An international team conducted the first of its kind global survey of the ecological diversity of ocean viruses while on board a ship, Tara. They identified nearly 200,000 marine varieties that significantly exceed 15,000 known from previous ocean studies of these waters and approximately 2000 genomes available from cultivated microbial viruses. Their findings appear on April 25 in the journal cellhave implications for understanding issues ranging from evolution to climate change because they help create a new picture on our planet and how it can be influenced by interactions between organisms.
"Viruses are these small things you can not even see, but because they are present in such huge quantities, they really matter," says senior author Matthew Sullivan, a microbiologist at Ohio State University. "We have developed a distribution map that is fundamental to anyone who wants to explore how viruses manipulate the ecosystem. There were many things that surprised us about our discoveries.
Among the surprises were the presence of these nearly 200,000 marine viral species. In addition, meta-community analysis has shown that viruses are organized in five different ecological zones throughout the ocean, which is unexpected given the liquid nature of the oceans and the complexity of many of the marine regions. Also, despite the paradigm of larger organisms that species diversity is highest near the equator and the lowest near the poles, researchers have gathered a large number of samples in the Arctic compared to previous ocean life studies and are found a hotbed of biological diversity in the Arctic Ocean.
Samples were collected between 2009 and 2013 on Tara as part of Tara Oases' efforts. Launched in 2006, the Tara project aims to conduct a unique and innovative ocean science to anticipate and better anticipate impacts of climate change. In these efforts, a rotation team of scientists spends time in the ocean water sampling boat from different depths in many geographic regions. Once collected, samples for this study were filtered and sent back to about a dozen different analysis laboratories.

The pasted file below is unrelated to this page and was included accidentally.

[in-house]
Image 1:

Researchers examined not only water samples for viruses, but also other microbes and other living things. "We've filtered samples to analyze organisms ranging from viruses to fish eggs," Sullivan says. He adds that there are documents in which some of the other microbial components of the samples are reported.
Another remarkable aspect of the project was the vast number of samples collected in the Arctic that was not part of earlier ocean life research.
This study has significant implications for understanding how oceanic micro-organisms affect the Earth's atmosphere. "Over the last 20 years we have learned that half of the oxygen we breathe comes from marine organisms," Sullivan notes. "In addition, oceans absorb half of the carbon dioxide from the atmosphere."
"Due to sophisticated chemistry, elevated levels of carbon dioxide on the surface are acidifying the oceans," Sullivan adds. "But if carbon dioxide is converted into organic carbon and biomass instead, it can become a particle and sink into deep oceans. This is a good result to help mitigate climate change caused by humans, and we know that viruses can help ease this sinking. Having a new map of where these viruses are located can help us understand this "ocean carbon" pump and, more generally, the biogeochemistry that affects the planet. "
Researchers say that a fuller picture of the prevalence and abundance of marine viruses will help them determine which viruses should focus on further research. Additionally, maps based on this study set a baseline for other collection efforts that can help answer questions about how the levels of microorganisms change over time in response to both seasonal variations, so and climate change.
"Models from previous ocean ecosystems are usually ignored microbes and rarely include viruses, but now we know they are a vital component for inclusion," Sullivan concludes.